Karangahake Gorge is situated in the Hauraki District between the townships of Paeroa and Waihi, on State Highway 2. The main attraction to the Karangahake Gorge is the historical walkway, which follows part of the old railway line that ran between Paeroa and Taneatua. Gold mining took place in the Gorge from the 1870s through to the 1950s, and remnants of the mining can be seen, throughout the majestic walk.
Foot bridge across the Ohinemuri River to the start of the Walkways.
Ohinemuri River: Legend tells that the tears of Hinemuri, the youngest daughter of Chief Te One-ki-te-akau, formed the river because her father would not let her marry until her two older sisters had married.
Gold was first mined from the Karangahake Gorge in March 1875. The process of extracting the gold from quartz was long and expensive, with added transport difficulties and lack of capital many of the early companies collapsed. A major breakthrough in the extraction process occurred in 1889, with the McArthur – Forrest cyanide process. This enabled a dramatic increase in gold recovery. In the 1890s, three large crusher batteries were built in Karangahake, the Crown, Talisman and Woodstock, to crush the gold bearing quartz taken from the extensive mine networks, within the Karangahake Mountain. In 1909, output from the Karangahake mines made up 60% of the total of gold produced in New Zealand. Between 1910 and 1920, many mines closed as costs outweighed profits.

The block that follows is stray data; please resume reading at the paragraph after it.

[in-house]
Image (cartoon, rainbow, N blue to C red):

Karangahake Gorge Walkway
Starting point of the Walkways beside the foundation remains of a Battery. The swing bridge takes you to the tunnel.
Karangahake Gorge Walkway
The western portal of the former railway tunnel. This 1100 metre tunnel is electrically lit along its length.
Ohinemuri River: The weeping waters of hinemuri.
Karangahake: The alerting call from the other side.
Waikono: Harmful waters.
Karangahake Gorge is great for outdoor pursuits, situated on SH2 between Paeroa and Waihi with three public access parks.
Attractions and Activities
The Historical Karangahake Gorge walkway gives visitors a glimpse of early mining heritage and an insight into early European economy through the mining of gold, which took place here from the 1870s through to the 1950s. The track follows an old railway line through the gorge and above the Ohinemuri River. You will see remains of mine buildings and machinery, including stamper batteries,
which were used to extract gold from quartz.
The track is also used for Mountain Biking, fishing, swimming, canoeing, picnicking and gemstone hunting.
There are three entry points to the walkway:
Karangahake: Walk starts beside the foundations of the crown battery and crosses over the river. Go through the 1100m former rail tunnel, which is well lit. From the bridge at the tunnel exit you have a choice to go on to Owharoa Falls (3hr return) or taking the loop track back to Karangahake (45mins)
Owharoa Falls: You can chose to go to either Waikino Station (1hr return) or Karangahake (3hr return)
Waikino Historic Station and Visitor Centre: Cross the footbridge to the Victoria Battery site, follow the old railway line to the Owharoa Falls (1hr return).